Monday July 30, 2012 3:29pm EDT
China’s gymnasts stormed to the men’s team gold at the Olympics on Monday while Japan lodged a last-gasp appeal to walk away with silver ahead of Britain on a dramatic evening at the North Greenwich Arena.
Two days after finishing a lowly sixth in qualifying, China pulled themselves together to retain their title with a score of 275.997.
Japan were in second place going into the final rotation but appeared to have dropped out of the medals when triple world all-around champion Kohei Uchimura, the last man to compete, completed a messy dismount from the pommel horse to draw a low score from the judges.
That sparked loud celebrations among the British fans as it meant their team had finished second, with Ukraine third.
Japan, however, lodged an appeal against Uchimura’s score and all eyes turned to the giant screen above the arena as gymnasts, fans and media waited for news.
For nearly 15 minutes, officials huddled in deliberation before announcing that Uchimura’s pommel horse score had been increased by 0.7 points, bumping Japan up to silver medal position, 0.241 ahead of Britain who were demoted to bronze.
Ukraine, who had already been celebrating before the appeal was announced, were pushed out of the medals into fourth place.
The crowd booed the judges as they left the arena but Britain’s gymnasts still had big smiles on their faces, knowing they had won their first Olympic team medal in a century.
In all the late drama, the disappointment of the United States team went almost overlooked. Top dogs in qualifying, they had a series of mishaps and ended up fifth.
On the pommel horse, John Orozco lost his rhythm and sat for a moment on the end of the apparatus, while Danell Leyva came off altogether. Orozco looked close to tears afterwards, and again after a disappointing vault.
Japan had to overcome a major mishap of their own when Koji Yamamuro was injured as he crash-landed on to his knees and head from the vault.
Yamamuro, all-around bronze medallist at last year’s world championships, hopped off the competition podium on his right foot and was given a piggy-back ride out of the arena by a team coach. He had been due to also compete on the pommel horse but his place was taken by Kazuhito Tanaka.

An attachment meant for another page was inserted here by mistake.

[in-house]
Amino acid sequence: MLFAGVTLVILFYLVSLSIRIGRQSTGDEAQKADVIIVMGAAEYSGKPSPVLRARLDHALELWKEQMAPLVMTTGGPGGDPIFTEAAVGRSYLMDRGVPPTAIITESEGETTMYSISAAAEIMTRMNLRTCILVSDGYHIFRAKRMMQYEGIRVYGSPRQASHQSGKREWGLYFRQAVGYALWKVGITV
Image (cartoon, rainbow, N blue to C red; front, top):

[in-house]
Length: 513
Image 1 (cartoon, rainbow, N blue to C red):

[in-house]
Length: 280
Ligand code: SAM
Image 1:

When Japan came out for the medals ceremony, Yamamuro was carried between two team mates and hopped to his place on the second step of the medals podium.
Yamamuro’s injury may jeopardise his participation in Wednesday’s all-around individual final and the vault final next Monday.
China’s consistent scoring allowed them to take the lead after the second rotation and the world champions looked back.
Chen Yibing contributed a 15.800 on the rings, the apparatus he has won Olympic and world gold on, and Feng Zhe had 16.216 on the vault.
Guo Weiyang, a late substitute for 2004 Olympic pommel horse champion Teng Haibin who was injured in training earlier this month, had been blamed by team mates for the poor qualifying showing but he proved his worth on Monday with 15.200 on the parallel bars.
Britain started strongly with 15.966 on the pommel horse from 2008 Olympic bronze medallist Louis Smith, a score that remained unbeaten for the rest of the day.
Sam Oldham’s fall from the horizontal bar cost them but they were still able to clinch the nation’s first team medal since a bronze at the 1912 Games.
As Britain were lining up with China and Japan for the medals ceremony, Ukraine’s dejected gymnasts trooped dejectedly past waiting media without speaking.
Coach Yuliy Kuksenkov did stop to talk though, telling reporters: “They did well, they fought, they competed, but unfortunately some kind of subjectivity got in the way of today’s competition, probably that played a role.
“The boys deserved a medal … I think we deserved silver.”
Feng Zhe was born on November 19th, 1987 according to http://en.wikipedia.org/wiki/Feng_Zhe
November 19th, 1987
11 + 19 +1+9+8+7 = 55 = his life lesson = Mind-blowing.
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